Jim Turner reports for News 4 Jax – “The Florida Fish and Wildlife Conservation Commission announced… the start of a nearly three-month application period for local governments and others seeking “BearWise” funding for the fiscal year that began July 1. The agency has $515,000 to match with local government funding to help people and businesses buy bear-resistant trash cans and hardware to secure regular trash cans and to have modified dumpsters. The amount is down from $825,000 last year… A majority of the “BearWise” money will go to communities that have enacted ordinances requiring residents and businesses to keep garbage secure from bears looking for food.” Read Florida bear-proofing dollars drop
The Naples Daily News Editorial Board writes – “As 2017 began, there were plenty of reasons to focus on the protection of natural resources in Southwest Florida. There were vivid images of algae tainting waterways… A study by the University of Florida, the state agriculture department and nonprofit 1000 Friends of Florida had raised awareness in November that development-related demand for water could double by 2070. The report called for water conservation measures and increased land preservation… A record number of Florida panthers died when hit by vehicles in 2016, and last year more manatees were killed in collisions with watercraft than in the prior record year of 2009… A report card that analyzed the health of 10 estuaries in Southwest Florida assigned poor marks in most areas for both water quality and natural habitat… The report card reaffirmed the value of acquiring conservation land.” Read Protecting natural resources must remain a priority
Col. Jason Kirk writes for News Press – “This time last year, the U.S. Army Corps of Engineers Jacksonville District was managing a challenging scenario fueled by heavy rains during the dry season and early part of wet season, forcing us to release billions of gallons of water from Lake Okeechobee to protect the Herbert Hoover Dike. One year later, I’d like to highlight the progress we have made and how we intend to address challenges that remain.” Read Army Corps: Lake Okeechobee water releases, one year later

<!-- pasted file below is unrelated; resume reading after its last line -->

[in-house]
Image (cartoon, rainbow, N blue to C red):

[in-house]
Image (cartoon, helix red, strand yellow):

Jim Waymer reports for Florida Today – “When it comes to collisions, government biologists want the onus on the boater, not the [manatee.]… [R]easearch by Ed Gerstein, of Florida Atlantic University, bucks their long-held belief that go-slow zones prevent boats from hitting manatees. The zones, Gerstein asserts, cause more harm than good because manatees can’t hear the low-frequency hums of slow-going boats. But government biologists remain skeptical of his claims and say slow zones are here to stay. Gerstein’s prototype sound device makes manatees skedaddle 95 percent of the time, his recent research shows, and well before the boat gets close – versus just 5 percent of the time without the device… Similar acoustic devices on the bows of large ships are used to reduce the risk of ship and watercraft collisions with whales and other marine animals… Underwood (USFWS) welcomes technological solutions to manatee boat strikes but sees too many unknowns:… Would multiple sound beams cross and confuse manatees in heavy boat traffic? What exactly are the manatees reacting to, and will they habituate to the sound? (Gerstein says his research shows they won’t.)… FWC officials wrote. ‘Introducing more anthropogenic noise into the underwater environment may cause disturbance and harassment to manatees, turtles and other protected species, the implications of which need to be evaluated.’… Bucking Gerstein’s hypothesis, a 2004 study by six South Florida scientists found that manatees have no problem hearing slow moving boats.” Read Researcher pitches sound device to warn manatees of boat strikes